What does a Research Assistant II do?
Professors and scientists who conduct large research projects at universities and colleges often need help completing the large amount of research involved in their studies. Research assistants are the ones who do most of the experimentation and data-gathering in these large scientific and medical studies. As a research assistant, you're guided by the head of research to perform experiments and collect data essential to the study. You may also responsible for some administrative assistant duties in. Current graduate students often become research assistants while they finish their studies, and research assistants may eventually become professors or researchers themselves.
A bachelor's degree in a related field of study is usually required. Research assistants must also understand lab safety and techniques. They must have sufficient relative experience to be able to perform research independently and without major guidance.
- Collect research data through experimentation, surveys and the leading of focus groups
- Enter data into computer databases and other software
- Provide maintenance and calibration for lab equipment on a regular basis
- Design experiments and focus groups to gather the collection of data as determined by the head of research
- Lead smaller projects that are parts of the main study
- Schedule appointments with test subjects over the phone and through email
- Help other lab technicians perform experiments related to the study
- Perform administrative tasks such as managing test subject records, answering phone calls and scheduling lab maintenance
- Proficiency in Microsoft Office programs and an interest in continued knowledge of technology as it evolves
- Ability to work alone and as part of a large research team
- At least one year of related research experience preferred
- Comfortable performing experiments alone without close guidance or supervision
- Excellent communication skills in verbal and written formats
- You have a keen eye for detail and organization
- Ability to work a flexible schedule including both days and nights performing research or data entry
- Desire to perform accurate and ethical research to achieve results for the study
- Ability to negotiate and openness to learning new ways of performing research
How much does a Research Assistant II make?
Research Assistant II Career Path
Learn how to become a Research Assistant II, what skills and education you need to succeed, and what level of pay to expect at each step on your career path.
Years of Experience Distribution
Research Assistant II Insights
“Amazing opportunity to do research and work with some of the best minds in the world”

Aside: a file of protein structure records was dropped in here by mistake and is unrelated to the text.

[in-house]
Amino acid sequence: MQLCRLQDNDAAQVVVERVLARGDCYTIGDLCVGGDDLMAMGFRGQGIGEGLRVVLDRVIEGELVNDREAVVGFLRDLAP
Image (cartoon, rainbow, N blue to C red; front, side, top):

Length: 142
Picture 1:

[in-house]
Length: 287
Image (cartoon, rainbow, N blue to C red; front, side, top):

“Ability to work with really solid labs and get a high impact paper if you want/are lucky”
“Best culture of any job I've had in my career; Anne is amazing and this is truly such an amazing place to work”
“Dental insurance is not great (depending on where your funding is coming from).”
“WLB good enough to me (better than expected); line manager and leaderships are really helpful.”
“If you're good at what you do then it's a good place to grow with.”
“Definitely a good "stepping stone" in your career development but expect to work hard and long hours.”
“It was fine and I could have negotiated higher pay with my PI as appropriate.”
Research Assistant II Interviews
Frequently asked questions about the role and responsibilities of research assistants
A typical day for research assistants might involve delving through primary and secondary sources to assist their employers with research papers and theses. They analyze statistics and compile derivative data to prove or disprove a theory. Research assistants are supervised by research fellows who evaluate their performance.
Being a research assistant is a good career for Ph.D. students. It's a stepping stone to a bright academic career. Professors and research fellows often cite research assistants who provide seminal contributions in research papers. An advantage of being a research assistant is the opportunity to refine one's academic writing skills.
Research assistants usually get paid enough to finance their basic student needs. The average annual salary for a research assistant is about $49,578 per year. Financial compensation isn't the only measure of success. Recognition and accolades are their own rewards and professors are generous with helpful research assistants.
Working as a research assistant has some difficult aspects, for example it may involve working long hours. Another challenge of being a research assistant is contributing your time and effort to someone else's academic success with only the hope that your work opens the door to future opportunities. But becoming a research assistant is a great opportunity job for diligent students who envision a career in academia or scholarly research.